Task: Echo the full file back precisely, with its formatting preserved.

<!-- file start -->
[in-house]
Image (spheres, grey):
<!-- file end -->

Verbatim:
[in-house]
Image (spheres, grey):